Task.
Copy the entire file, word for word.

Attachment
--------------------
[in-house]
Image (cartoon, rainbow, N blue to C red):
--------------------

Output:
[in-house]
Image (cartoon, rainbow, N blue to C red):